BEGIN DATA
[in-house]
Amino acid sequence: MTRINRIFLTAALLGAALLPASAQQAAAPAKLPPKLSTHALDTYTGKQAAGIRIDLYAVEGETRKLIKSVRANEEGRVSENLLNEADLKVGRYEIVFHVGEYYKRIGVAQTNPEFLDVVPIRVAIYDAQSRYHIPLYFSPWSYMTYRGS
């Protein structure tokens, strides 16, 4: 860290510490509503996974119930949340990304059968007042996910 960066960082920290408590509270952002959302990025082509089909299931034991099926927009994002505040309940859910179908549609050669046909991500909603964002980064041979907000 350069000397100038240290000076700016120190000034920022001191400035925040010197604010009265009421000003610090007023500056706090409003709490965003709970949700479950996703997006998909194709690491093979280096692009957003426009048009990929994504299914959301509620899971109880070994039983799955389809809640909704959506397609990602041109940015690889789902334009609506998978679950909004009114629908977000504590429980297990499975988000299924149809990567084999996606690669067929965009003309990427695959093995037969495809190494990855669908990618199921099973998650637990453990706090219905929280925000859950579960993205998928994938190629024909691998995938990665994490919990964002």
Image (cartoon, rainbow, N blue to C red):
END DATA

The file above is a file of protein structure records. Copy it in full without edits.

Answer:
[in-house]
Amino acid sequence: MTRINRIFLTAALLGAALLPASAQQAAAPAKLPPKLSTHALDTYTGKQAAGIRIDLYAVEGETRKLIKSVRANEEGRVSENLLNEADLKVGRYEIVFHVGEYYKRIGVAQTNPEFLDVVPIRVAIYDAQSRYHIPLYFSPWSYMTYRGS
């Protein structure tokens, strides 16, 4: 860290510490509503996974119930949340990304059968007042996910 960066960082920290408590509270952002959302990025082509089909299931034991099926927009994002505040309940859910179908549609050669046909991500909603964002980064041979907000 350069000397100038240290000076700016120190000034920022001191400035925040010197604010009265009421000003610090007023500056706090409003709490965003709970949700479950996703997006998909194709690491093979280096692009957003426009048009990929994504299914959301509620899971109880070994039983799955389809809640909704959506397609990602041109940015690889789902334009609506998978679950909004009114629908977000504590429980297990499975988000299924149809990567084999996606690669067929965009003309990427695959093995037969495809190494990855669908990618199921099973998650637990453990706090219905929280925000859950579960993205998928994938190629024909691998995938990665994490919990964002």
Image (cartoon, rainbow, N blue to C red):